November 3, 2009

Stop the Misnomerosity! Gents, learn your overcoat (er, raincoat) basics

The nip is in the air and male readers may be wondering how to keep off the chill (ok, it's not so bad in Vancouver).

Easy, right? Not so. There are many styles of overcoats and raincoats. Frequently, retailers (both online and bricks and mortar), journalists and bloggers use the wrong terms.

It's a big deal because different style coats suit different body types. If people used the correct nomenclature, it would make life googling and net shopping far better.

For those who agree, here is a guide:

Mackintosh (left) is a raincoat. It is also a famous English brand. Like John Lennon wrote, "The man in the Mack..."

The silhouette is tubular and currently cut tight and short. It is a closed throated coat. The button (except for the top one) are hidden. The lines are simple with minimal detailing. If they have flap or patch pockets, they are an abomination. Slash side pockets, please. It suits most body types. However, short, thick torso men should avoid mid-thigh or higher hems. It becomes too boxy especially when used as an overcoat.

For a local source, look for Black Brown at The Bay (below, left). It is $250. You can find it exclusively Downtown.

The Mack is often referred to as a trench coat (Brooks Brothers what are you doing?) but it's either wrong or an indifferent Americanism. A real trench coat has its origin in the trenches of the First World War. Originally made by Burberry, the coat was made for infantry.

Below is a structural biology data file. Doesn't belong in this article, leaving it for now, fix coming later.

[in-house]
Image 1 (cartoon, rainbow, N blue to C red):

Locally, a modern winter-weight version in black can be found at The Bay by Full Circle for $575 (above, right).

The details: a heavy and long turn down collar to protect the neck; a heavy belt, originally designed to take the weight of a string of grenades; and, on this version, double-breasted to protect the chest.

If you're thick and tall, the double breast can break down the volume of your chest. The belting will give you some waist and a more heroic silhouette.

If you're shorter, you should avoid belting at the front. Instead tie it at the back. Overall, the coat has to be tight. A suit jacket underneath is a tall order for a shorter man (avoid).

Wear it the way you would wear a jean jacket - with a sweater or, for collegial prepness, a sweat shirt on the weekend. Also make sure the hem isn't too short - boxiness is always a threat. Plus never leave the belt dangling or in your side pockets. Always go for tying at the back! Trust me, this is actually traditional.

Finally, a word about the virtues of the pea coat , right.

This Polo Ralph Lauren Academy Pea Coat (The Bay, $525) is cut very narrow and short and works best with jeans and a nice sweater-tie combo. Note the double-breasted six on eight buttons. If you work in a business casual environment it has enough structure to tidy up ones look but is informal enough to keep your co-workers from asking you too many questions about your recent makeover.

The rotund should avoid it.

However, if you are a bit bottom heavy, look into a balmacaan. That's my coat of choice. It looks like a Mack except it has raglan sleeves. This means it doesn't have a set-in sleeve. Instead, they run into the collar the way sweatshirts and warm up jackets are made. The armholes are wider but the positive side is it is an A-line. This can elongate a figure and avoids the sausage effect of trench coats and Macks.

The hem should be somewhere between the knee and mid-thigh if you are heavier but NOT below the knee. Too much fabric will make you look worse.

1 comment:

  1. Boo hoo, I was hoping to see pics of the stunning production guy model.